In a battle, Kim Jong-un of North Korea promises to deliver a “deathblow to the enemy.”

According to a new assessment released by the global organization, trillions of dollars will be required to accomplish the 17 Sustainable Development Goals (SDGs) that were adopted by all members of the UN back in 2015.

This is due to the fact that the global dilemma of sustainable development is primarily a financial one. According to a UN statement issued on April 10, 2024, developing nations are unable to address the multiple crises they are facing due to their staggering debt loads and exorbitant borrowing rates.

In the meantime, billions of people have been impacted by climate disasters, rising geopolitical tensions, and a global cost-of-living crisis, which has hampered progress toward healthcare, education, and other development goals, it continued.

The SDGs can only be saved at this point by a “massive surge of financing” and a “reform of the international financial architecture,” the statement said.

To close the development funding gap, investments of over $4.2 trillion are required. According to the 2024 Financing for Sustainable Development Report: Financing for Development at a Crossroads (FSDR 2024), this amount was $2.5 trillion before to the start of the COVID-19 epidemic. On April 9, the report was made available.

heavily indebted
The analysis estimates that between 2023 and 2025, the least developed nations (LDCs) will pay down $40 billion in debt annually. From $26 billion in 2022, this will represent more than 50% of the total.

More than half of the debt increase in vulnerable nations can be attributed to stronger and more frequent disasters brought on by the ongoing climate crisis.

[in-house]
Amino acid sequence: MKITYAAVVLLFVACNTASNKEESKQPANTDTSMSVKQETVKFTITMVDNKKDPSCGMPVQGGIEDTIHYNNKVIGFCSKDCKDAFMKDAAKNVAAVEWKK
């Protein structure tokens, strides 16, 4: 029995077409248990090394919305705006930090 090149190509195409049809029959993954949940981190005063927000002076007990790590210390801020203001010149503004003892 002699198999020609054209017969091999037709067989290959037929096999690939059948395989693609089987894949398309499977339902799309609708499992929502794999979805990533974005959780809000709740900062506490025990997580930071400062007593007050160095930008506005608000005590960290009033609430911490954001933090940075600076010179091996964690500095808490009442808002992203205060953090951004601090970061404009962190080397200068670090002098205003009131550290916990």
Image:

The poorest nations currently pay interest on interest payments at a rate of 12% of their total revenue, which is four times higher than ten years ago. According to a UN statement, around 40% of the world’s population lives in nations where interest payments are paid by the government more frequently than for health or education.

Furthermore, significant financial sources for development are currently slowing down. “For instance, since 2010, domestic revenue growth has stagnated, particularly in low-income countries (LDCs), partly as a result of tax avoidance and evasion. Global average tax rates have decreased from 28.2 percent in 2000 to current levels of corporate income tax. to 21.1 per cent in 2023, due to globalization and tax competition,” according to the report.

The statement went on to say that promises made on climate finance and official development assistance (ODA) from OECD nations are not being fulfilled at the same time as this:

While aid to refugees residing in donor nations contributed significantly to the expansion in ODA, which reached an all-time high of $211 billion in 2022 from $185.9 billion in 2021, the whole amount remains insufficient for development. In 2022, just four nations achieved the UN aid target of 0.7% of GNI.

The Bretton Woods Conference of 1944 established the international financial system, which is now unfit for use. The World Bank and the International Monetary Fund were founded as a result of the Bretton Woods Conference, which took place in the United States.

The research states that what is urgently needed is a new, cohesive structure that is better able to handle crises, increases investment in the SDGs, particularly through stronger multilateral development banks, and enhances the global safety net for all nations.

There are just six years left to accomplish the SDGs, and in the poorest nations in particular, hard-won development gains are being undone. According to UN estimates, approximately 600 million people—more than half of them are women—will remain in extreme poverty in 2030 and beyond if current trends continue.